hdsl_tn - HDSL Basics 1 HDSL Basics Introduction Providing...

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1 HDSL Basics HDSL Basics Introduction Providing T1 service is a competitive race, and High-bit-rate Digital Subscriber Line (HDSL) is quickly emerging as the ideal solution to remain a step ahead. Currently touted as “repeaterless T1”, HDSL enables T1 service to travel up to 12,000 ft. on copper cable with- out regeneration. When used with a single HDSL doubler, service can be extended to 24,000 ft. By elimi- nating T1 line repeaters and fault locate pairs, HDSL can provide service in as little as 24 hours over two existing POTS lines. This enables established service providers to meet the demands for quicker turn-ups and impro- ved service quality over the installed base of copper cable. The increase in efficiency comes without sacrific- ing service quality as HDSL features several enhance- ments that eliminate the common problems associated with standard T1 transmission. HDSL enables establish- ed service providers to remain competitive while re- ducing operational costs. This Technical Note provides an overview of HDSL technology, a detailed discussion of how HDSL works, and recommended test procedures that can guarantee consistent performance. HDSL Overview The standard HDSL loop architecture, shown in Figure 1A , is a point-to-point circuit that consists of two HDSL transmission units (HTUs). The HTU-C [HTU at the central office (CO)] replaces the T1 office repeat- er and fits easily into any standard 220 office repeater bay. The HTU-R (remote HTU) can be installed with, or replace, the network interface unit (NIU) at the customer demarcation point. The HTUs are then connected by two non-loaded copper cable pairs. If the local loop exceeds 12,000 ft., a HDSL doubler can be installed, as shown in Figure 1B , on the next page, to extend service up to 24,000 ft. HDSL Loop 1 DSX-1 HTU-C HTU-R MDF HDSL Loop 2 NIU/CPE Central Office Customer Premise Figure 1A Point-to-point circuit.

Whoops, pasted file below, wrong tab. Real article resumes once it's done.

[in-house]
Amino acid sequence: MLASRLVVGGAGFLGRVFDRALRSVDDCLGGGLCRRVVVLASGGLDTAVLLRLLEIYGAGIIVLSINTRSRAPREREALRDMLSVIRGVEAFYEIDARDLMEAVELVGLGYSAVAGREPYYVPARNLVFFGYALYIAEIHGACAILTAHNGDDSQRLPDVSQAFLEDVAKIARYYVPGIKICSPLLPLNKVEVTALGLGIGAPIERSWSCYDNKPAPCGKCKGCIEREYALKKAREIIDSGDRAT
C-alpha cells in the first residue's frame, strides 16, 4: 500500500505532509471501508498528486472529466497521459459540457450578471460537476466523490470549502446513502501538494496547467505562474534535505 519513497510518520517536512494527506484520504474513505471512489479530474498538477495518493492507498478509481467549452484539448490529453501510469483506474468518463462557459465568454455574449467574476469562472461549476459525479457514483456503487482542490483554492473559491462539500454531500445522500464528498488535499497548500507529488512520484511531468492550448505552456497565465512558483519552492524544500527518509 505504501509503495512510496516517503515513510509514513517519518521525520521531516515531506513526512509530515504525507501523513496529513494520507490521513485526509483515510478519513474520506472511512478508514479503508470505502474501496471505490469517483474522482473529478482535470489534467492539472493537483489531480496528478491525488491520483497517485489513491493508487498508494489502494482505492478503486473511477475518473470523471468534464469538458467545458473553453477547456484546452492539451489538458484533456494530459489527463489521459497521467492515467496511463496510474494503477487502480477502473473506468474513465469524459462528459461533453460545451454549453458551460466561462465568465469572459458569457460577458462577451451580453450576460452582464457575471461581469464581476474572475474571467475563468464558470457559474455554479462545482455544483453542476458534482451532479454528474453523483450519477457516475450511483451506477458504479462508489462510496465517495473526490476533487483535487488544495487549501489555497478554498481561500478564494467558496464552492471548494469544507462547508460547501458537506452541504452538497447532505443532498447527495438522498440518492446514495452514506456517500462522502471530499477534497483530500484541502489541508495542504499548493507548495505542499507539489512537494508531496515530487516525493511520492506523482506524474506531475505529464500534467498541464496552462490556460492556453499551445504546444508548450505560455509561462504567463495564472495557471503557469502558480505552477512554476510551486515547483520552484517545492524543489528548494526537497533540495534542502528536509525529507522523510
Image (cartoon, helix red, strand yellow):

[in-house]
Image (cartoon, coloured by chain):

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2 HDSL Basics Figure 1B Extending service with a HDSL doubler. Under normal operation, the HTU-C receives a standard T1 signal on Side 1 from the DSX-1. The HTU-C derives timing and converts the T1 into two HDSL sig- nals, each representing half the T1 bandwidth. The HDSL signals are then transmitted on Loop 1 and Loop 2. The HTU-R receives the HDSL signals, reconverts them to a single T1 signal, and sends it to the customer on Side 1. The process is then reversed on Side 2, toward the CO. The HTU-R receives a standard T1 on Side 2 from the channel service unit (CSU) at the customer premises. It derives timing and converts the T1 into two HDSL sig- nals, each representing half the T1 bandwidth. The HDSL signals are then transmitted on both loops. The HTU-C receives the signals, reconverts them to a single T1 signal, and sends it to the DSX-1 on Side 2. In order to transmit and receive on the same pair, the HTUs utilize transceivers rather than the separate transmitter and receiver used by standard T1 equipment. Figure 2 depicts this process.
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This note was uploaded on 08/08/2011 for the course CS 310 taught by Professor Aartisingh during the Spring '11 term at National Institute of Technology, Calicut.

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hdsl_tn - HDSL Basics 1 HDSL Basics Introduction Providing...

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